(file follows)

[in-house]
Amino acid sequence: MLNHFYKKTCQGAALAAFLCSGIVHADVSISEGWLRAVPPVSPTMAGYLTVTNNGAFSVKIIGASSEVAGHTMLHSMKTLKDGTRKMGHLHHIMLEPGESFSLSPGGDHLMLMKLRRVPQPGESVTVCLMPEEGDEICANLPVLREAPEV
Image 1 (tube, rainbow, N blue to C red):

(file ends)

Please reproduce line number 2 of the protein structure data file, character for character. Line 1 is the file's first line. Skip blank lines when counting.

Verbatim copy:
Amino acid sequence: MLNHFYKKTCQGAALAAFLCSGIVHADVSISEGWLRAVPPVSPTMAGYLTVTNNGAFSVKIIGASSEVAGHTMLHSMKTLKDGTRKMGHLHHIMLEPGESFSLSPGGDHLMLMKLRRVPQPGESVTVCLMPEEGDEICANLPVLREAPEV